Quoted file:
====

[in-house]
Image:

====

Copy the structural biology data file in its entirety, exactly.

[in-house]
Image: